Earlier yesterday North Korea reversed a decision to expel two international inspectors and has pledged to maintain surveillance equipment at its nuclear sites. After a meeting with President Kim Il Sung in Pyongyang, the former US president, Jimmy Carter, urged a resumption of direct talks between the US and North Korea. The North Koreans also told Mr Carter that they wanted help from the US to finance a light-water reactor and the money to halt the construction of their new 200 megawatt reactor if they agreed to do that.
The light-water reactor is less well adapted to produce weapons-grade plutonium than the one under construction.
President Kim appears to be holding out for a package deal with the US in which the crisis over North Korea's nuclear programme would be resolved at the same time as relations between the US and North Korea normalised. The North Koreans also want financial aid and an end to economic isolation.
In Washington, President Clinton met his advisers to discuss developments. 'It is a very serious situation,' said the White House spokeswoman, Dee Dee Myers. 'It is the most crucial foreign policy issue the President faces right now.'
The administration is eager to find a way out of the crisis that does not look like a climbdown. The difficulty of building a coalition to put pressure on North Korea was underlined yesterday by the opposition of Russia and China to sanctions, though it is unclear if this will lead to them vetoing the initially mild measures proposed by the US at the United Nations.
The Russian Foreign Minister, Andrei Kozyrev, said Moscow had not been consulted about the US proposals, and would not support any sanctions motion drawn up without its agreement. The Russians have been pressing for an international conference on the North Korean issue. While Mr Kozyrev stopped short of threatening to veto the motion, the Interfax news agency quoted him as saying: 'We agreed unambiguously to work together on a draft resolution, which on the one hand would allow for sanctions and on the other hand the organisation of an international conference.' Washington's initiative, he said, would 'seriously hamper the work of the UN Security Council'. China, meanwhile, emphasised that its friendship treaty with Pyongyang remained in force.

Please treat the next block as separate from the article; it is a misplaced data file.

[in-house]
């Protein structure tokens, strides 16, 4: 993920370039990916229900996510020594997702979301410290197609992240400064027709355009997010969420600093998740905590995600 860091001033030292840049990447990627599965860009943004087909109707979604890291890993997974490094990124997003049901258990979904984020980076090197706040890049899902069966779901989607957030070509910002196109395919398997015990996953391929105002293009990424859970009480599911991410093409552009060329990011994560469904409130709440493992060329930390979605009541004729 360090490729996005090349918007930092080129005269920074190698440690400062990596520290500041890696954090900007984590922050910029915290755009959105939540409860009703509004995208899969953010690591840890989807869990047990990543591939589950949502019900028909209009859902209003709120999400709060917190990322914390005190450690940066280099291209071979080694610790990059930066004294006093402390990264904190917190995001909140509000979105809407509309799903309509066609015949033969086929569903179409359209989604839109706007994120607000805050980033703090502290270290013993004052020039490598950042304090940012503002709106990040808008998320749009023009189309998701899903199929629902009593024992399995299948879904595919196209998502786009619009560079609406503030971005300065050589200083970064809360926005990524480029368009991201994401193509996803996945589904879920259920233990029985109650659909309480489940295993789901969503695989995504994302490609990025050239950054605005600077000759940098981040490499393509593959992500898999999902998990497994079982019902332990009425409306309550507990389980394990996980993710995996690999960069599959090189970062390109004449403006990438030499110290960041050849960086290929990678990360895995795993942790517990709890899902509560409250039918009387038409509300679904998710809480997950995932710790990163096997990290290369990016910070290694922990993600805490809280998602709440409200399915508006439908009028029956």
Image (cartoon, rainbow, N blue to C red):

Speaking after his meeting with North Korea's chain- smoking leader yesterday, Mr Carter said the 82-year-old President Kim appeared to be in good health. Other visitors say he seems fully in control. At an earlier meeting with Selig Harrison of the Carnegie Endowment for International Peace, President Kim said: 'We don't have any nuclear weapons or any intention of making them. It gives me a headache when people demand to see something we don't have. It's like dogs barking at the moon.'
The North Korean leader went on to deny that there would be any point in 'our making one or two nuclear weapons when you have 10,000-plus delivery systems that we don't have. We would be a laughing-stock.'
He said North Korea did not have the money to switch to light-water reactors, which cost dollars 2bn to dollars 3bn ( pounds 1.4bn to pounds 2bn) but if assisted to obtain one, 'we are ready to suspend the development of our radiochemical laboratory (reprocessing plant) and the 200 megawatt reactor'.
Last July North Korea offered to switch reactors as part of a package deal but had not previously promised to freeze its nuclear programme for the six years it would take to obtain and build a light-water reactor. After talks in Pyongyang, Mr Harrison said he discounted North Korean threats of war if sanctions are imposed but a naval blockade would lead to some form of military retaliation. North Korea is expected to test the Rodong 1 missile in the near future as a demonstration of military strength.
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